How academic libraries can boost OER and affordable content on campus

Libraries interested in establishing a new OER or affordable course content program, partnering on an existing one, or focusing one on student success will likely find an environmental scan useful...It is likely that individual faculty, or even program-level faculty cohorts are using open resources or engaged in strategies to reduce costs to their students. Leveraging those initiatives, but more importantly, the faculty champions behind them can prove vital to the success of the program. It can also help to avoid the sense among earlier adopters that the new initiative is seeking to fix a problem that does not exist. Finally, highlighting local examples can make the creation or adaptation of OER or the adoption of OER and affordable alternatives seem much more feasible in the local environment. It facilitates being able to answer questions pertaining to the local culture and institutional policies related to intellectual property and licensing, documenting the work involved in creating or adopting OER or affordable content for tenure and promotion, and the workflow for creating, storing, and making discovering OER.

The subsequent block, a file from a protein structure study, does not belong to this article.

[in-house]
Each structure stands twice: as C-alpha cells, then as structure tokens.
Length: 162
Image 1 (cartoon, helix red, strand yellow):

During the environmental scan, librarians should also be on the lookout for programmatic partners interested in supporting open licensing and/or finding ways to reduce student costs. This could be as simple as reaching out to the university bookstore to working with specific departments or even student-facing entities like academic computing. You never know how these organizations may already be supporting OER or affordable content programs. 

The paper Open Pathways to Student Success: Academic Library Partnerships for Open Educational Resource and Affordable Course Content Creation and Adoption
is found in the The Journal of Academic Librarianship